Laws were passed, for example in 1503, requiring that new ordinances of "fellowships of crafts or misteries" should be approved by the royal justices or by other crown officers; and the authority of the companies to fix the price of wares was thus restricted.
His father, a drysalter and dealer in colours, used sometimes to make experiments in the hope of finding improved processes for the production of his wares, and thus his son early acquired familiarity with practical chemistry.
The staple productions are machinery, railway engines and carriages, steel, tin and bronze wares, pottery, bent and carved wood furniture, textiles and chemicals.
It waspublished twice a month and might possibl3 have created a demand for its wares had not the editor and sub editor left for America after the issue of the 10th number.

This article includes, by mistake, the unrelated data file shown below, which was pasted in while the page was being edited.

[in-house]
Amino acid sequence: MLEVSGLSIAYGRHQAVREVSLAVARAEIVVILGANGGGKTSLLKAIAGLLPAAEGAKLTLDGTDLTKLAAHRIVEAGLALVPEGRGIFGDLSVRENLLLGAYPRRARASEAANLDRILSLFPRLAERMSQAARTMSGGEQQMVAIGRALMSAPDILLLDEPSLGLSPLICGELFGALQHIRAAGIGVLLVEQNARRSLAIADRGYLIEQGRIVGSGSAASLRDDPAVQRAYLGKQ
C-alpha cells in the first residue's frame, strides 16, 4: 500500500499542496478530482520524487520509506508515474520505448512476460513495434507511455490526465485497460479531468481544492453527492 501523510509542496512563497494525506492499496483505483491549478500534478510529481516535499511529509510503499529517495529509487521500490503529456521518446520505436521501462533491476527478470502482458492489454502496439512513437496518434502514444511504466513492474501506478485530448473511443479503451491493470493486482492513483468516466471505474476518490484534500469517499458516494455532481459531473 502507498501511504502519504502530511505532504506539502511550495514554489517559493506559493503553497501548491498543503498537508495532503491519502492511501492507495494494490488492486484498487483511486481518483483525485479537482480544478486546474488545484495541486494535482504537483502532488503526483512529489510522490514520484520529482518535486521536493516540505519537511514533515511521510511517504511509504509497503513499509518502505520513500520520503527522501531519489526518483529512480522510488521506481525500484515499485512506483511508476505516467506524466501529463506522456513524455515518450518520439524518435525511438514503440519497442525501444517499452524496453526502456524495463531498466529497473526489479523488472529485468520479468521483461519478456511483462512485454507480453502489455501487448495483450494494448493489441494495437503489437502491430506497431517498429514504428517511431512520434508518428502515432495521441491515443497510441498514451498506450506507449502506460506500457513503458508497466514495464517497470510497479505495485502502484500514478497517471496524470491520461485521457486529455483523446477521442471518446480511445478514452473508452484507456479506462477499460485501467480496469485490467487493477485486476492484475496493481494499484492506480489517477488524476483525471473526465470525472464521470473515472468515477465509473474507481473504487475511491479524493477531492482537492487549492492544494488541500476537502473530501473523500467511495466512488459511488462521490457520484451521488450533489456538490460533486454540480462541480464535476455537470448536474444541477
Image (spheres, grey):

Thus much premised, it becomes possible to speak in detail of the various wares for which Japan became famous.
He took for his models the raku faience of KiOto, the masterpieces of Ninsei and Kenzan, the rococc wares of Korea, the enamelled porcelain of China, and the blue-andwhite ware of Delft.
Tue consequence was that hi~ wares received the design on the inner as well as the outer surface and were moreover thumb-markedessential characteristics of thi banko-yaki now so popular.
Among a multitude of other Japanese wares, space allows us t mention only two, those of Izumo and Yatsushiro.
But as European and American collectors became better acquainted with the capacities of the pre-Meiji potters, the great inferiority of these new specimens was recognized, and the prices commanded by the old wares gradually appreciated.